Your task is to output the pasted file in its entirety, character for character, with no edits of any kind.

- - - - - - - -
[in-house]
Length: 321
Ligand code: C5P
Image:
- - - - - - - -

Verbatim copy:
[in-house]
Length: 321
Ligand code: C5P
Image: